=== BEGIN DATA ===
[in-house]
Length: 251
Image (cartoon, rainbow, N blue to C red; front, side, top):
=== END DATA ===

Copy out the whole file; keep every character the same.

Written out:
[in-house]
Length: 251
Image (cartoon, rainbow, N blue to C red; front, side, top):